Will you be treated free or your medical insurance will cover Coronavirus treatment in the USA is the primary question asked by B2 visitors and H1B workers today.
This article will discuss:
Is COVID-19 Test Free?
The CARES Act or the stimulus act signed by Trump makes it mandatory for all medical insurance plans to provide coronavirus testing without any co-pay cost.
As per the bill, the test will be free irrespective of you have insurance or not. The concern is not only about test, but the other associated costs that hospitals charge.
As per an excellent report shared by New York times, the E.R. visit and other services performed would be “eligible for cost-sharing”. So, it is important you stay at home not for the fear of Coronavirus but the medical bills.
The testing may or may not be free based on your current location. Some states are financing the testing but not all.
UHC, Aetna, Cigna, Humana, and Blue Cross Blue Shield have waived co-pay for COVID-19 testing related visits irrespective of where you visit your doctor’s clinic, an urgent care center, an emergency department or through a telehealth visit. They have covered all plans including Medicare Advantage, Medicaid and employer-sponsored plans.
Most H1B and L workers in the USA use employer’s group health insurance plans.
You should connect with your family physician for COVID-19 testing as only a doctor can order a test kit.
You can also use the drive-through testing if it has been set up by your state around your location and the cost will be paid by your insurance company.
The Coronavirus test and treatment are two different things. All insurance companies are required to pay the diagnostic test cost but not the treatment or hospitalization.
This means that your deductibles, copays, and coinsurance will apply for your Coronavirus treatment at hospital.
Some companies have announced coverage of both tests and treatment but not all at the time of writing this article.
#1 COVID Treatment Cost NOT Covered by
- UnitedHealthcare will pay costs as per your insurance plan
- Blue Cross Blue Shield will only cover member’s test costs and hospitalization costs will be paid as per plan.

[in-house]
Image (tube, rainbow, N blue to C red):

#2 Treatment Cost Covered by
- Aetna (a CVS company) has announced that they will waive the member costs for hospitalization at all in-network facilities.
- CNBC reported that Cigna and Humana have also announced a waiver of patient costs including hospitalization and ambulance transfer.
Does B1-B2 Visitor Visa Cover Coronavirus?
The visitor visa insurance that you may have bought before coming to US may or may not cover Coronavirus test and treatment.
Your best option is to check with your insurance company. If they do not cover, you need to check with your current state for free COVID-19 tests.
Most travel insurance companies have turned a blind eye for people who visit a country that a CDC, WHO or another government agency has issued an alert to not visit during COVID-19 Pandemic. This simply means that the coronavirus test or treatment will not be covered.
Coronavirus treatment should not be considered a pre-existing condition under travel insurance plans.
There are some travel insurance providers who will cover the Coronavirus cost but only if the travel was made before the travel alert was issued by that country or WHO.
For Indians in the USA on B2 visa, Indian company ICICILombard has mentioned that your travel insurance will cover your COVID-19 treatment if you are hospitalized. You should get cashless facilities at network hospitals in the USA or claim reimbursement later as per your plan.
If you bought your travel insurance from a US-based company, they should also cover COVID-19 costs.
Is HSA Account Allowed?
The new bill signed by Trump allows the buying of menstrual care products and other over-the-counter medications under health care flexible spending accounts, reports Winston.
All over-the-counter products and medicines including those needed in quarantine and social distancing can be bought using an HSA or flexible spending account without a prescription from a physician.